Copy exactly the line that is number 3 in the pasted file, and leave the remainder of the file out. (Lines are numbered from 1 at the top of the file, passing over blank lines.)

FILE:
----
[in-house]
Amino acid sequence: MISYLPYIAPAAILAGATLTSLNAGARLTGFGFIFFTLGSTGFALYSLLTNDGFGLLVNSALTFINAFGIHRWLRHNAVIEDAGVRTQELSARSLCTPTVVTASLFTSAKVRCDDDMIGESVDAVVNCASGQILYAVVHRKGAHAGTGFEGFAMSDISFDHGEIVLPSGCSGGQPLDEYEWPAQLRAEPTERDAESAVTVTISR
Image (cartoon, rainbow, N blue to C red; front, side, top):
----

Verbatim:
Image (cartoon, rainbow, N blue to C red; front, side, top):